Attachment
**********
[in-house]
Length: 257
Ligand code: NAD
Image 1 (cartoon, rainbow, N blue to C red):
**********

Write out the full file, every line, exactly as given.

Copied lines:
[in-house]
Length: 257
Ligand code: NAD
Image 1 (cartoon, rainbow, N blue to C red):